What Is The True Cost Of Pet Ownership?

For most pet owners, their furry, feathery, and scaly friends are more than animals; they are family members. This can sometimes mean spoiling them like they would human family members.

With nearly 70 percent of Ohioans owning pets, according to the Ohio Credit Union League’s 2018 consumer survey, that means a lot of funds are dedicated to pets. Of those pet owners, 46 percent said they tend to spend up to $500 annually on pet care and supplies. Another 21 percent spend between $500 and $750, 15 percent between $750 and $1,000, while 18 percent claim to spend more than $1,000 on their fur babies each year.

Expenditures on pets by Ohioans are not far from national averages, according to research from the American Pet Products Association (APPA).

Data from the APPA shows about 68 percent of households in the U.S. – 84.6 million families – own at least one pet. In 2017, American pet owners spent a combined $69.51 billion on their animals. That means each pet-owning U.S. household spent about $822 caring for animals last year.

The APPA breaks pet spending into five major categories: food, supplies (including medicine), veterinarian care, live animal purchases, and pet services (including grooming and boarding). According to the Ohio Credit Union League survey, 51 percent of Ohioans spend most of their pet budget on veterinarian care.

Nationally, most money spent on pets – about $29.07 billion – went toward food in 2017, and $17.07 billion on vet care that same year. Spending on pets in the U.S. is expected to continue to rise. The APPA estimates Americans will spend $72.13 billion on their pets this year, almost $3 billion more than in 2017.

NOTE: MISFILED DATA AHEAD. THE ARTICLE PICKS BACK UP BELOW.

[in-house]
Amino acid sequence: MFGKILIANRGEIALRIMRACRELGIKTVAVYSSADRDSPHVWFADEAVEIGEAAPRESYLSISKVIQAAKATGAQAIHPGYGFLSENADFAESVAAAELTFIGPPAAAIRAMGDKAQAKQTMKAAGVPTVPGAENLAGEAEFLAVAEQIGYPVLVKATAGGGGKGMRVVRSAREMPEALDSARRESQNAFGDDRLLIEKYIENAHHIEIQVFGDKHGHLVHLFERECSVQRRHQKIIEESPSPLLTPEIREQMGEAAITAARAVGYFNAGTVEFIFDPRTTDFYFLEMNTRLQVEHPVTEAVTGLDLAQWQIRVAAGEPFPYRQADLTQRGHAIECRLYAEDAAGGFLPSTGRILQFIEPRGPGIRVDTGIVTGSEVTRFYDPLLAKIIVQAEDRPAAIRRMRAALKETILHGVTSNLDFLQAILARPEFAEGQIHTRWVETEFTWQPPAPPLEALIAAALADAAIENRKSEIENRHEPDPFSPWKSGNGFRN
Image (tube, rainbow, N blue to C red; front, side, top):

So, how do you continue to spoil your loyal friend without breaking the bank? Here are some money-saving pet care tips.

  • Create a pet budget. It’s easier for owners to save on pet costs if they can see how that money is spent. Try setting up a budget specifically for your pet. Track spending on food, toys, veterinarian visits, medicine, grooming, and boarding. At the end of each month, assess how much money has been spent on pet costs and adjust those categories as necessary.
  • Keep pets healthy. Taking pets to the vet regularly can get costly, with veterinarians charging an average of about $257 for a routine dog visit and $182 for cats. But emergency medical costs are even higher (surgical visits cost an average of $245 for cats and $474 for dogs) and tend to stack up. It’s more cost effective to visit the vet regularly for complete physicals, which include diagnostic tests to detect problems before they’re serious. To help keep pets healthy between vet appointments, make sure they’re getting the correct food and plenty of exercises.
  • Make your own Many of the toys sold in pet stores can be created at home. For instance, cat scratching pads can be fashioned from cardboard boxes and braided towels can replace pricey rope toys for dogs. Sites like VetStreet.com offer creative and simple DIY pet toy ideas.
  • Consider less-expensive alternatives to boarding. Travel with animals isn’t always possible, but boarding can get expensive. Instead, try setting up a pet-sitting system. Offer to watch friends’ pets for free while they’re away in exchange for their pet-sitting services next time you leave town. If free pet care isn’t available, check out alternative boarding options like com or DogVacay.com. These sites connect owners with walkers and sitters who typically charge less than pet daycares.
  • Get help. Pet owners struggling financially have options. Charities like RedRover and The Pet Fund provide grants and money toward veterinarian bills. Meals on Wheels and local pet food banks can help owners struggling to feed their animals. For more pet assistance programs, visit iheartdogs.com.

Learn how a credit union can help you do more with your money by visiting www.aSmarterChoice.org.

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